Go-to-Market Strategy

  • Pricing - Their price points, discount structures, bundled packages, payment terms, financing options, etc. How does it compare to your pricing model?
  • Sales model - Do they sell directly, through resellers, affiliates, wholesale channels, or some hybrid model?
  • Marketing and ads - The specific marketing channels, campaigns, assets, and budget they deploy. Contrast this to your marketing strategies and programs.

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Step 3: Analyze Their Online Presence

Analyze Their Online Presence, Conducting an Effective Competitive Analysis for Sales and Marketing

An in-depth look at competitors’ digital footprint can reveal a goldmine of insights. Accomplish both quantitative and qualitative assessments of these critical elements:

Website Features

  • Site design - The visual design, layout, navigation, features, and overall user experience of their site. How does it compare to your website’s design and UX?
  • Conversion optimization - How well their site converts visitors into leads and customers. Examine calls-to-action, lead gen forms, and customer signup flows. How could you improve your conversion optimization?
  • Site speed and tech - How fast pages load, mobile optimization, backend tech powering the site. How does their technical performance compare to yours?
  • Site content - The types of pages and content they have, like product pages, blogs, resources, etc. How does their overall content strategy compare?
  • Search visibility - The keywords and terms they rank for, their overall search traffic, and visibility in SERPs. Contrast to your organic search performance.

SEO Performance

  • Keyword rankings - Which terms do they outrank you for and vice versa to compare strengths?
  • Local SEO - Their optimization for local search rankings and map listings if location-based.
  • Backlink profile - The quantity and quality of backlinks pointing to their domain. Analyze via tools like Ahrefs.
  • Content marketing - The types of blogs, videos, and content they use to build organic search traffic.

Social Media and Content

  • Content marketing - Their blog, videos, podcasts, ebooks, and other content formats. How does their overall mix compare to yours?
  • Social media - Their presence, following, engagement rates, and community-building on each social platform.
  • Influencer marketing - Any partnerships or co-marketing with influencers in your niche.
  • Reviews and reputation - Online ratings, reviews, and general sentiment toward their brand across the web. How does your reputation compare?

This digital assessment surfaces how findable competitors are online and who’s winning the battle for visibility. It also shows where they are outperforming you digitally.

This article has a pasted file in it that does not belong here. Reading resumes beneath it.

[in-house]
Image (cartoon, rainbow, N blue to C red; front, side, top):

Step 4: Talk to Your Customers and Prospects

Talk to Your Customers and Prospects, Conducting an Effective Competitive Analysis for Sales and Marketing

While conducting your own research is vital, viewing competitors through your customers’ eyes is crucial. Speaking directly to your audience provides a unique perspective.

Some smart ways to incorporate customer feedback:

  • Casual conversations - Ask customers their thoughts on competitors naturally in discussions. Go deeper with sales prospects to understand their views during the evaluation process.
  • Surveys - Build short surveys to gauge customer perceptions of competitors’ brands, pricing, quality, services, etc.
  • Win/loss analysis - Interview those you won deals with and lost deals to. Learn how you measured up against competitors in both cases.
  • Focus groups - Gather small groups of customers to discuss competitors in an open setting and hear unfiltered feedback.
  • Mentions analysis - Use social listening and brand monitoring tools to see who customers are talking about.

The qualitative insights from conversations reveal nuances missed by your research. They highlight areas to double down on and competitors’ weaknesses to target.

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Step 5: Compare Your Capabilities Side-by-Side

Making side-by-side comparisons highlights your competitive advantages and disadvantages. This allows you to play to your strengths and close gaps where competitors have an edge.

Specifically, call out:

  • Areas you lead in - Showcase these points to customers to win against competitors. Lean aggressively into them in messaging and positioning.
  • Areas competitors lead - Be honest about where you lag behind. These become opportunities to improve and adapt your strategy.